Unlike in the US, where the dominant bus line has the word “grey” right in the name, buses in much of Latin America are pandimonious converted Bluebird school buses covered in bright artwork, stickers, flashing lights and anything else the driver/owners can think of to one-up the competition in the unspoken bus beauty pageant that goes on in the street. In Panama, the local festive buses are called diablos rojos (red devils) not because of their looks but because of their reputation as overcrowded death traps. You can still see these moving pieces of art across the country but in March of 2013 all 1,200 diablos rojos in Panama City were decommissioned, deemed too gaudy, polluting and dangerous for the city’s shiny new profile as Miami South.
Owners of diablos rojos in the capital were given US$25,000 per city bus. Diablos rojos drivers who did not have too many tickets or deaths on their hands were also given the chance to train to drive Panama City’s new Metro Buses which are the same drab make and model as buses that ply Mexico City and other metropolises.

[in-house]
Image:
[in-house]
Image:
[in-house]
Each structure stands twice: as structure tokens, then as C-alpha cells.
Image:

After years of “service” the diablos rojos were unceremoniously rounded up in a large dirt lot at a giant field which was part of the old US Howard Air Force Base, and taken apart piece by piece. Hundreds of wheels were loaded into containers which we’re told were headed to China. Mountains of scrap metal were created. Engines were lined up on the ground. And we were there to witness the death of the infamous diablos rojos.
Read more about travel in Panama